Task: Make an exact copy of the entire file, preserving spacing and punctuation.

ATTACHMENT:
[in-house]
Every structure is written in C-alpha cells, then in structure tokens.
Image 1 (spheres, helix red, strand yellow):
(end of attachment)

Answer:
[in-house]
Every structure is written in C-alpha cells, then in structure tokens.
Image 1 (spheres, helix red, strand yellow):